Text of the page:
How Much Land Does a Man Need?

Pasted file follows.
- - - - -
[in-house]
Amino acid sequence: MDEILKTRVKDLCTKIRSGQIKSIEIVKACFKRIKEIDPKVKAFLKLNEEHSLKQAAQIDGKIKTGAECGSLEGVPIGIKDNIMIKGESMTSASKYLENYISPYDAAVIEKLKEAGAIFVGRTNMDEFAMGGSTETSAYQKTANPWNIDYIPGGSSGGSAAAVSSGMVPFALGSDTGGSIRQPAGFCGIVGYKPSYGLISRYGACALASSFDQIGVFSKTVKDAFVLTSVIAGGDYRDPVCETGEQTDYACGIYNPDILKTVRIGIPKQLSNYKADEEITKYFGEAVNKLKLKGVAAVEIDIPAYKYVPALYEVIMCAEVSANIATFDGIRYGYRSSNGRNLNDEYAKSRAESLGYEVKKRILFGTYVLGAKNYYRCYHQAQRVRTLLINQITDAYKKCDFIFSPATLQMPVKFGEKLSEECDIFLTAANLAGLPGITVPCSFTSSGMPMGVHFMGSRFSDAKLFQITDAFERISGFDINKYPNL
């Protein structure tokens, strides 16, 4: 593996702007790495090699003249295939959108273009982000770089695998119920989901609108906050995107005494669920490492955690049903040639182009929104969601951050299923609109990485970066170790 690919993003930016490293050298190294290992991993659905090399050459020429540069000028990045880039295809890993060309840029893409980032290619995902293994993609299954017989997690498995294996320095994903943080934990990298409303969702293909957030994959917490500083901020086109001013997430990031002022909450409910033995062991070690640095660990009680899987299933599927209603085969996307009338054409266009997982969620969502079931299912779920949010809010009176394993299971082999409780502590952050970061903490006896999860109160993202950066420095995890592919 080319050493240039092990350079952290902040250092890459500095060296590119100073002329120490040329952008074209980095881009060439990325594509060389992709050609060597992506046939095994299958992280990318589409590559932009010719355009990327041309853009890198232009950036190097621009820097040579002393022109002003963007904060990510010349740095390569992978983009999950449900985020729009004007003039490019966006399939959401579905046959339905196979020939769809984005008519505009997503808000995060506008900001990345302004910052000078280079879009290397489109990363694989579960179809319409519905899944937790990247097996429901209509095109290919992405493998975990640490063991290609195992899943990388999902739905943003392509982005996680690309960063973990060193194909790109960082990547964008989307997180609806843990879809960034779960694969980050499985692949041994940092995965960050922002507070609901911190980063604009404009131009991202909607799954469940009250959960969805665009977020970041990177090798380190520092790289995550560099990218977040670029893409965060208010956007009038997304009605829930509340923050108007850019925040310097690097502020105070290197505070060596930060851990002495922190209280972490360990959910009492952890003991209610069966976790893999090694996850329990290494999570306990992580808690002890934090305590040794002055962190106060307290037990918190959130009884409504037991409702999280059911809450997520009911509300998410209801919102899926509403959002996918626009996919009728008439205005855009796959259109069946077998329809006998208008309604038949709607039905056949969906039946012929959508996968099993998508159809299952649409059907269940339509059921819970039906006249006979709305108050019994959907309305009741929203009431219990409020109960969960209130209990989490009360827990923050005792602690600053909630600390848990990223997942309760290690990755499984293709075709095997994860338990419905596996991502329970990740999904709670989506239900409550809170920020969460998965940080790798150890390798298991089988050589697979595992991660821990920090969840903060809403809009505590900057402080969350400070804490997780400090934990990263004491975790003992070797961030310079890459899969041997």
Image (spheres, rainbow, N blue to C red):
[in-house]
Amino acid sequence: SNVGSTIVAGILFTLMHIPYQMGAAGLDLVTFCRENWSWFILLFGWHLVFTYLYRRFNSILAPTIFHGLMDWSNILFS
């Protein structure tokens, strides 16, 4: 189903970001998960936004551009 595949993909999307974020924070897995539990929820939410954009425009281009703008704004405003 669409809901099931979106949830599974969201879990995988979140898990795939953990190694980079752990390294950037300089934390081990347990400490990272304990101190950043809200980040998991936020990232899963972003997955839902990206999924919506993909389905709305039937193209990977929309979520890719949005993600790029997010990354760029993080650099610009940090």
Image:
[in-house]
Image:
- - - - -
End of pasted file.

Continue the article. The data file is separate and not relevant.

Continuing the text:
IAn elder sister came to visit her younger sister in the country.The elder was married to a tradesman in town, the younger to a peasant in the village. As the sisters sat over their tea talking,the elder began to boast of the advantages of town life: saying howcomfortably they lived there, how well they dressed, what fineclothes her children wore, what good things they ate and drank, andhow she went to the theatre, promenades, and entertainments.The younger sister was piqued, and in turn disparaged the life of atradesman, and stood up for that of a peasant."I would not change my way of life for yours," said she. "We maylive roughly, but at least we are free from anxiety. You live in better style than we do, but though you often earn more than youneed, you are very likely to lose all you have. You know the proverb,'Loss and gain are brothers twain.' It often happens that people whoare wealthy one day are begging their bread the next. Our way issafer. Though a peasant's life is not a fat one, it is a long one.We shall never grow rich, but we shall always have enough to eat."The elder sister said sneeringly:"Enough? Yes, if you like to share with the pigs and the calves!What do you know of elegance or manners! However much your good manmay slave, you will die as you are living-on a dung heap-and your children the same.""Well, what of that?" replied the younger. "Of course our work isrough and coarse. But, on the other hand, it is sure; and we neednot bow to any one. But you, in your towns, are surrounded bytemptations; today all may be right, but tomorrow the Evil One maytempt your husband with cards, wine, or women, and all will go toruin. Don't such things happen often enough?"Pahom, the master of the house, was lying on the top of the oven,and he listened to the women's chatter."It is perfectly true," thought he. "Busy as we are from childhoodtilling Mother Earth, we peasants have no time to let any nonsensesettle in our heads. Our only trouble is that we haven't landenough. If I had plenty of land, I shouldn't fear the Devil himself!"The women finished their tea, chatted a while about dress, and thencleared away the tea-things and lay down to sleep.But the Devil had been sitting behind the oven, and had heard allthat was said. He was pleased that the peasant's wife had led her